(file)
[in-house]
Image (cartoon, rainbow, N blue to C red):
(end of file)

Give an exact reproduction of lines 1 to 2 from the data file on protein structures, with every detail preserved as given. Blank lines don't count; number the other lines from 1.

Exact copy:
[in-house]
Image (cartoon, rainbow, N blue to C red):